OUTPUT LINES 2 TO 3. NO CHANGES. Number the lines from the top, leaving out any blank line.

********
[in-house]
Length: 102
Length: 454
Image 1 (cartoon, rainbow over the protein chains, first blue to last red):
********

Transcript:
Length: 102
Length: 454